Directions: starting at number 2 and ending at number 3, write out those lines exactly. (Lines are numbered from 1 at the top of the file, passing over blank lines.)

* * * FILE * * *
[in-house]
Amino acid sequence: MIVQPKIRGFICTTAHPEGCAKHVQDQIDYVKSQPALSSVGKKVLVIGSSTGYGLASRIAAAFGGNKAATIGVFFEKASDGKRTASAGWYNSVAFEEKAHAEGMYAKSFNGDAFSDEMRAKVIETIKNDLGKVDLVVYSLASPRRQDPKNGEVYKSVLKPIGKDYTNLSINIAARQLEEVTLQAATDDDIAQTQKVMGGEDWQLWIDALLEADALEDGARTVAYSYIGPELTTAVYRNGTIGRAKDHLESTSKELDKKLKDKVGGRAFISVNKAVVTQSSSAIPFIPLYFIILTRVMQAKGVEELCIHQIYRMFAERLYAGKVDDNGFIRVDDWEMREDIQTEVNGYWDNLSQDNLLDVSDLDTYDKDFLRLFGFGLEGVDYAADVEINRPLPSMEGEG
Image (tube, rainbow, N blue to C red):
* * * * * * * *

Amino acid sequence: MIVQPKIRGFICTTAHPEGCAKHVQDQIDYVKSQPALSSVGKKVLVIGSSTGYGLASRIAAAFGGNKAATIGVFFEKASDGKRTASAGWYNSVAFEEKAHAEGMYAKSFNGDAFSDEMRAKVIETIKNDLGKVDLVVYSLASPRRQDPKNGEVYKSVLKPIGKDYTNLSINIAARQLEEVTLQAATDDDIAQTQKVMGGEDWQLWIDALLEADALEDGARTVAYSYIGPELTTAVYRNGTIGRAKDHLESTSKELDKKLKDKVGGRAFISVNKAVVTQSSSAIPFIPLYFIILTRVMQAKGVEELCIHQIYRMFAERLYAGKVDDNGFIRVDDWEMREDIQTEVNGYWDNLSQDNLLDVSDLDTYDKDFLRLFGFGLEGVDYAADVEINRPLPSMEGEG
Image (tube, rainbow, N blue to C red):